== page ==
Environmental Monitoring and Assessment

, Volume 185, Issue 2, pp 1129–1135 | Cite as

Analysis of elemental concentration using ICP-AES and pathogen indicator in drinking water of Qasim Abad, District Rawalpindi, Pakistan

  • Shama Sehar
  • Iffat Naz
  • Naeem Ali
  • Safia Ahmed


The present study was conducted to investigate drinking water quality (groundwater) from water samples taken from Qasim Abad, a locality of approximately 5,000 population, situated between twin cities Rawalpindi and Islamabad in Pakistan. The main sources of drinking water in this area are water bores which are dug upto the depth of 250–280 ft in almost every house. The study consists of the determination of physico-chemical properties, trace metals, heavy metals, rare earth elements and microbiological quality of drinking water. The data showed the variation of the investigated parameters in samples as follows: pH 6.75 to 8.70, electrical conductivity 540 to 855 μS/cm, total dissolved solids 325.46 to 515.23 ppm and dissolved oxygen 1.50 to 5.64 mg/L which are within the WHO guidelines for drinking water quality. The water samples were analysed for 30 elements (aluminium, iron, magnesium, manganese, silicon, zinc, molybdenum, titanium, chromium, nickel, tungsten, silver, arsenic, boron, barium, beryllium, cadmium, cobalt, copper, gallium, mercury, lanthanum, niobium, neodymium, lead, selenium, samarium, tin, vanadium and zirconium) by using inductively coupled plasma atomic emission spectroscopy. The organic contamination was detected in terms of most probable number (MPN) of faecal coliforms. Overall, elemental levels were lower than the recommended values but three water bores (B-1, B-6, B-7) had higher values of iron (1.6, 2.206, 0.65 ppm), two water bores (B-1, B-6) had higher values of aluminium (0.95, 1.92 ppm), respectively, and molybdenum was higher by 0.01 ppm only in one water bore (B-11). The total number of coliforms present in water samples was found to be within the prescribed limit of the WHO except for 5 out of 11 bore water samples (B-2, B-3, B-4, B-8, B-11), which were found in the range 5–35 MPN/100 mL, a consequence of infiltration of contaminated water (sewage) through cross connection, leakage points and back siphoning.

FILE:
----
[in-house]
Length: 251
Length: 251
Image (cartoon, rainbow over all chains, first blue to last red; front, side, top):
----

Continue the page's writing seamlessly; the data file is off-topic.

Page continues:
ICP-AES MPN Drinking water Bore (a well dug with 7-in. metallic borer) Water quality Coliforms MPN 


  1. Abdulla, M., & Chmielnicka, J. (1990). New aspects on the distribution on the distribution and metabolism on essential trace elements after dietary exposure toxic metals. Biological Trace Element Research, 23, 25–53.CrossRefGoogle Scholar
  2. Afzali, D., Taher, M. A., Mostafavi, A., Mobarakeh, S. Z. M., et al. (2005). Thermal modified Kaolinite as useful material for separation and pre-concentration of trace amounts of manganese ions. Talanta, 30(2), 476–480.CrossRefGoogle Scholar
  3. APHA. (1985). Standard methods for the examination of water and waste (16th ed.). Washington: American Public Health Association.Google Scholar
  4. Bhavna, A. S., Ajay, V. S., & Bharat, N. B. (2004). Vitrification and glass transition of water: Insights from spin probe ESR. Asian Journal of Chemistry, 16, 1801–1805.Google Scholar
  5. Chen, H. W., Xu, S. K., & Fang, Z. L. (1995). Electro-thermal atomic absorption spectrometric determination of molybdenum in water, human hair and high-purity reagent with flow injection on-line co-precipitation pre-concentration. Journal of Analytical Atomic Spectrometry, 10, 533–537.CrossRefGoogle Scholar
  6. (2008). Heavy metals in drinking water. Accessed 1 Aug 2010.
  7. Demirel, Z., & Kulege, K. (2004). Heavy metal contamination in water and sediments of an estuary in southeastern Turkey. International Journal of Environment and Pollution, 21, 499–510.CrossRefGoogle Scholar
  8. Dokmen, F., Kurtulus, C., & Endes, H. (2002). An investigation into heavy metal variations in surface water sources of some villages around Kocaeli-Golcuk, Turkey. International Journal of Water, 2, 162–167.CrossRefGoogle Scholar
  9. Ghaedi, M., Fathi, M. R., Marahel, F., & Ahmadi, F. (2005). Simultaneous pre-concentration and determination of copper, nickel, cobalt and lead ions content by flame atomic absorption spectrometry. Fresenius Environmental Bulletin, 14, 1158–1163.Google Scholar
  10. Gregoriadou, A., Delidou, K., Dermosonoglou, D., Tsoumparis, P., Edipidi, C., & Katsougiannopoulos, B. (2001). Heavy metals in drinking water in Thessaloniki area, Greece. Proceedings of the 7th International Conference on Environmental Science and technology, Aristotle University, Ermoupolis.Google Scholar